Pope to refugees: Despite differences, all people are God's children

By Junno Arocho Esteves

ROME (CNS) — In a moving gesture
of brotherhood and peace, Pope Francis washed the feet of several refugees,
including Muslims, Hindus and Copts.

Gestures, like
Jesus washing the feet of his disciples, “speak louder than words,”
he said during the Holy Thursday Mass of the Lord’s Supper March 24.

Coming together, he added, is another gesture meant to show a desire to live in peace as
brothers and sisters despite people’s different cultural and religious backgrounds.

Hundreds of
refugees were outside hoping to catch a glimpse of the pope as he made his way
into the courtyard of the Center for Asylum Seekers at Castelnuovo
di Porto, about 15 miles north of Rome.

Prior to his
arrival, the pope sent some Easter presents for the center’s guests: 200
chocolate Easter eggs, a wooden chess board, and several autographed soccer
balls and baseballs.

After getting out
of a blue four-door vehicle, the pope was greeted by Archbishop Rino
Fisichella, the main organizer of the Vatican’s Year of
Mercy initiatives, as well as the directors of the refugee center.

He was also introduced to three residents who would serve as his interpreters:
Ibrahim from Afghanistan, Boro from Mali and Segen from Eritrea. One of the
refugees handed the pope a marker, which the pontiff used to sign a banner depicting the
flags of 26 nations, representing the countries of origin of the center’s guests.

In his brief,
off-the-cuff homily, the pope
said there were two distinct gestures in the day’s Gospel: Jesus serving and
washing the feet of his disciples and Judas receiving money by Jesus’ enemies
to betray him.

“Today as well, there are two gestures. All of us
here, (coming) together — Muslims, Hindus, Catholics, Copts, Evangelicals — but
(being) brothers, sons of the same God who want to live in peace,” he said.

However, recalling the recent terrorist attack in Brussels,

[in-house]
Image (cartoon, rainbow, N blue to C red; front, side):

the pope said there was a second gesture made by those want war. Like Judas, he
said, behind those who committed the attacks there are “arms traffickers
who want blood, not peace.”

“In this moment, when I do Jesus’ same gesture — to
wash the feet of you 12 — all of us are making this gesture of
brotherhood. And all of us can say: We are diverse, we are different, we have
different religions and cultures, but we are brothers and we want to live in
peace,” he said.

Acknowledging the suffering endured by the refugees, Pope
Francis asked them to pray in “their own religious language” so that
there may “always be brotherhood and goodness.”

After his homily, the pope removed his vestments and put on a
large white garment tied over his alb. He kneeled before each of the 12 people,
washed each person’s foot slowly and dried it.

The refugees barely contained their emotions, tears streaming down their faces as the
pope bent low and kissed their feet. A young mother wiped her tears as the pope
gazed at her and reached out to touch her baby.

The evening Mass was the second of two Holy Thursday
liturgies for Pope Francis; the first was a morning chrism Mass in
St. Peter’s Basilica.

Before going around and greeting each of the center’s residents individually, Pope Francis asked them to
remember the beauty of living together as brothers and sisters despite their different
cultures, religions and traditions.

This beauty, he said, “has a
name: peace and love.”

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Follow Arocho on Twitter: @arochoju.

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